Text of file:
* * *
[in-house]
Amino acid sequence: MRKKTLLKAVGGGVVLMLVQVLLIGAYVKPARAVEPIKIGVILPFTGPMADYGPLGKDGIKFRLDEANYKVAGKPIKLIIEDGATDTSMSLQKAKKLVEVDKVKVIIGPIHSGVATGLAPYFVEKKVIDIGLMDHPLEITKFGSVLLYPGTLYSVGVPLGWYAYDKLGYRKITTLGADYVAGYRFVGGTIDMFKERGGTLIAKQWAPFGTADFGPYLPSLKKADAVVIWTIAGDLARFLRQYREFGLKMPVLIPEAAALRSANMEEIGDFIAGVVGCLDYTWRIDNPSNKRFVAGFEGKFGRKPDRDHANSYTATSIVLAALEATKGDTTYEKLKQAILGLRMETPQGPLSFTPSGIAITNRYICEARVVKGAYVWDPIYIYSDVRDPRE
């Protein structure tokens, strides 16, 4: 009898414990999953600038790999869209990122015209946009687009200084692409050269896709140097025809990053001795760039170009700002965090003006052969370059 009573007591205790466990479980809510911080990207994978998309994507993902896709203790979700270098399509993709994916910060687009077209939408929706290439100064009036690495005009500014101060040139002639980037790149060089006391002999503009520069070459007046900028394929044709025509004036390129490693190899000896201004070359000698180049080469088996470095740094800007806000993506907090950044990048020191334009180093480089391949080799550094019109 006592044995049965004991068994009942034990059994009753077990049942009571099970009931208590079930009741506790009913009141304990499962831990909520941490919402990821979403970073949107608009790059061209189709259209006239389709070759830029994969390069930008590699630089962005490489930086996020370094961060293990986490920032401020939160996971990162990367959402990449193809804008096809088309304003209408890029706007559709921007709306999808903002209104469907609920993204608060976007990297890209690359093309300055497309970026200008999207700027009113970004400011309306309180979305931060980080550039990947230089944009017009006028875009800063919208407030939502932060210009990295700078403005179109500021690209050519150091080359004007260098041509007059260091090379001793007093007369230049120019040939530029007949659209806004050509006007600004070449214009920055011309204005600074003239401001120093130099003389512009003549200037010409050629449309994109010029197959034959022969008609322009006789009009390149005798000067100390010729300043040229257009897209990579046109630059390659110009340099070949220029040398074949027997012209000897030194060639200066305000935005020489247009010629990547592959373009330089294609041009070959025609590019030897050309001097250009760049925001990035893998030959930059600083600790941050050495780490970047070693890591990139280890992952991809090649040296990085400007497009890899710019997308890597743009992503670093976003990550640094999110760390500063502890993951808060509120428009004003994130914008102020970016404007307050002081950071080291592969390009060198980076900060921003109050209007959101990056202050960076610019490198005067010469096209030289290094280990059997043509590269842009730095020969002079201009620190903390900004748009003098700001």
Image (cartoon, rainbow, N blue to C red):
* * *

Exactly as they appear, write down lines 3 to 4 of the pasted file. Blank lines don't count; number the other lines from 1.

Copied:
């Protein structure tokens, strides 16, 4: 009898414990999953600038790999869209990122015209946009687009200084692409050269896709140097025809990053001795760039170009700002965090003006052969370059 009573007591205790466990479980809510911080990207994978998309994507993902896709203790979700270098399509993709994916910060687009077209939408929706290439100064009036690495005009500014101060040139002639980037790149060089006391002999503009520069070459007046900028394929044709025509004036390129490693190899000896201004070359000698180049080469088996470095740094800007806000993506907090950044990048020191334009180093480089391949080799550094019109 006592044995049965004991068994009942034990059994009753077990049942009571099970009931208590079930009741506790009913009141304990499962831990909520941490919402990821979403970073949107608009790059061209189709259209006239389709070759830029994969390069930008590699630089962005490489930086996020370094961060293990986490920032401020939160996971990162990367959402990449193809804008096809088309304003209408890029706007559709921007709306999808903002209104469907609920993204608060976007990297890209690359093309300055497309970026200008999207700027009113970004400011309306309180979305931060980080550039990947230089944009017009006028875009800063919208407030939502932060210009990295700078403005179109500021690209050519150091080359004007260098041509007059260091090379001793007093007369230049120019040939530029007949659209806004050509006007600004070449214009920055011309204005600074003239401001120093130099003389512009003549200037010409050629449309994109010029197959034959022969008609322009006789009009390149005798000067100390010729300043040229257009897209990579046109630059390659110009340099070949220029040398074949027997012209000897030194060639200066305000935005020489247009010629990547592959373009330089294609041009070959025609590019030897050309001097250009760049925001990035893998030959930059600083600790941050050495780490970047070693890591990139280890992952991809090649040296990085400007497009890899710019997308890597743009992503670093976003990550640094999110760390500063502890993951808060509120428009004003994130914008102020970016404007307050002081950071080291592969390009060198980076900060921003109050209007959101990056202050960076610019490198005067010469096209030289290094280990059997043509590269842009730095020969002079201009620190903390900004748009003098700001």
Image (cartoon, rainbow, N blue to C red):